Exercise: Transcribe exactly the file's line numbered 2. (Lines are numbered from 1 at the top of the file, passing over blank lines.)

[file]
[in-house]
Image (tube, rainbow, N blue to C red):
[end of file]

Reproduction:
Image (tube, rainbow, N blue to C red):